These are very serious conditions that can get out of hand very rapidly. This why it is extremely important that you contact your vet right away if your horse exhibits any of the symptoms of endotoxemia. This is especially true if your horse has recently experienced a health challenge such as colic.
How Do You Treat Endotoxemia?
Your vet may call for administration of NSAIDs (nonsteroidal anti-inflammatory drugs). Some examples are flunixin meglumine or phenylbutazone. These drugs don’t resolve cell damage, but they do reduce inflammation and this facilitates healing. Your vet will also probably call for administration of intravenous fluids to support this treatment and help prevent dehydration.
Your vet is also sure to take steps to help keep endotoxins from circulating throughout your horse’s system. This will involve reducing and neutralizing inflammation and providing supportive care.
Your vet may also reevaluate the primary disease that is causing the endotoxemia. Aggressive treatment of this root cause will naturally reduce the problem and may help prevent its recurrence.
If your horse has been struggling with a gastrointestinal tract disease, your vet may recommend some of these treatments:
- If your horse has eaten too much grain, your vet may recommend administering mineral oil.
- You may need to provide your horse with supportive care for inflammatory bowel disease.
- The ischemic bowel may need to be removed.
To neutralize endotoxins, your vet might administer intravenous plasma or a hyperimmune serum. These treatments can be very effective if endotoxins have not yet entered your horse’s bloodstream.
Another way of neutralizing endotoxins is to administer a cationic polypeptide antibiotic called Polymyxin B. As a catalyst, dimethylsulfoxide (DMSO) can be very helpful in speeding delivery of anti-inflammatory medications. DMSO also has value as an anti-inflammatory substance on its own.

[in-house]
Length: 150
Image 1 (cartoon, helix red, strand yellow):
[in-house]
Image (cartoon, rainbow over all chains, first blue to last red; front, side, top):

If your horse has endotoxemia, your vet will do all that he or she can to provide cardiovascular support and limit inflammation. These steps must be taken very quickly for best results.
Your vet will also make recommendations for ongoing care, and it is very important that you follow them to the letter even if your horse seems to have recovered fully.
Is It Possible To Prevent Endotoxemia?
Of course, the best way of dealing with endotoxemia is to avoid it altogether. There are many steps that you can take to help your horse maintain a healthy gastrointestinal tract. Follow these 6 smart tips:
- Always take your horse out of the stall when you are cleaning and moving manure around. This will help prevent your horse inhaling endotoxins.
- Remember that horses are grazing animals and can maintain a healthier digestive system by consuming many small meals throughout the day rather than eating one or two large meals a day.
- Do not make sudden feed changes. Add or reduce ingredients and feed gradually over a period of at least two weeks.
- Be sure your horses getting plenty of dietary fiber. He or she should have free access to high-quality hay at all times.
- If your horse is subject to heaves, be sure to soak or steam his hay thoroughly and feed it right away.
- If your horse becomes ill, don’t hesitate. Call your vet right away and address any illness your horse may have. Endotoxins thrive in horses who are not in optimum health.
Understanding your horse’s digestive system will help you create an appropriate plan to help keep your horse’s gastrointestinal system strong and healthy to avoid endotoxemia.